The efficient control of our body and success- ful interaction with the environment are possible through the integration of multisensory information. Brain–computer interface (BCI) may allow people with sensorimotor dis- orders to actively interact in the world. In this study, visual information was paired with auditory feedback to improve the BCI control of a humanoid surrogate. Healthy and spinal cord injured (SCI) people were asked to embody a humanoid robot and complete a pick-and- place task by means of a visual evoked potentials BCI system. Participants observed the remote environment from the robot’s perspective through a head mounted display. Human-footsteps and computer-beep sounds were used as synchronous/asynchronous auditory feedback. Healthy participants achieved better placing accuracy when lis- tening to human footstep sounds relative to a computer- generated sound. SCI people demonstrated more difficulty in steering the robot during asynchronous auditory feed- back conditions. Importantly, subjective reports highlighted that the BCI mask overlaying the display did not limit the observation of the scenario and the feeling of being in control of the robot. Overall, the data seem to suggest that sensorimotor-related information may improve the control of external devices. Further studies are required to under- stand how the contribution of residual sensory channels could improve the reliability of BCI systems.

The role of audio-visual feedback in a thought-based control of a humanoid robot: a BCI study in healthy and spinal cord injured people / Tidoni, Emmanuele; Gergondet, Pierre; Fusco, Gabriele; Kheddar, Abderrahmane; Aglioti, Salvatore Maria. - In: IEEE TRANSACTIONS ON NEURAL SYSTEMS AND REHABILITATION ENGINEERING. - ISSN 1534-4320. - ELETTRONICO. - 25:6(2017), pp. 772-781. [10.1109/TNSRE.2016.2597863]

The role of audio-visual feedback in a thought-based control of a humanoid robot: a BCI study in healthy and spinal cord injured people

TIDONI, EMMANUELE
;
FUSCO, GABRIELE;AGLIOTI, Salvatore Maria
2017

Abstract

The efficient control of our body and success- ful interaction with the environment are possible through the integration of multisensory information. Brain–computer interface (BCI) may allow people with sensorimotor dis- orders to actively interact in the world. In this study, visual information was paired with auditory feedback to improve the BCI control of a humanoid surrogate. Healthy and spinal cord injured (SCI) people were asked to embody a humanoid robot and complete a pick-and- place task by means of a visual evoked potentials BCI system. Participants observed the remote environment from the robot’s perspective through a head mounted display. Human-footsteps and computer-beep sounds were used as synchronous/asynchronous auditory feedback. Healthy participants achieved better placing accuracy when lis- tening to human footstep sounds relative to a computer- generated sound. SCI people demonstrated more difficulty in steering the robot during asynchronous auditory feed- back conditions. Importantly, subjective reports highlighted that the BCI mask overlaying the display did not limit the observation of the scenario and the feeling of being in control of the robot. Overall, the data seem to suggest that sensorimotor-related information may improve the control of external devices. Further studies are required to under- stand how the contribution of residual sensory channels could improve the reliability of BCI systems.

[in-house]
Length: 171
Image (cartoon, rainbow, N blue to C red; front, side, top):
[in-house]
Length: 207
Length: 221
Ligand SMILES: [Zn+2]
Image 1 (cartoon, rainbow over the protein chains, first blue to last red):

2017
body ownership; brain–computer interface (BCI); humanoid; spinal cord injury; steady state visually evoked potentials (SSVEP); teleoperation
01 Pubblicazione su rivista::01a Articolo in rivista
The role of audio-visual feedback in a thought-based control of a humanoid robot: a BCI study in healthy and spinal cord injured people / Tidoni, Emmanuele; Gergondet, Pierre; Fusco, Gabriele; Kheddar, Abderrahmane; Aglioti, Salvatore Maria. - In: IEEE TRANSACTIONS ON NEURAL SYSTEMS AND REHABILITATION ENGINEERING. - ISSN 1534-4320. - ELETTRONICO. - 25:6(2017), pp. 772-781. [10.1109/TNSRE.2016.2597863]
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Utilizza questo identificativo per citare o creare un link a questo documento: https://hdl.handle.net/11573/877840
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